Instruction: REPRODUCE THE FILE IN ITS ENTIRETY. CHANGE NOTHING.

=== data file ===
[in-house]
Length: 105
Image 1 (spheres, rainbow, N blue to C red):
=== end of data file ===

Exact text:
[in-house]
Length: 105
Image 1 (spheres, rainbow, N blue to C red):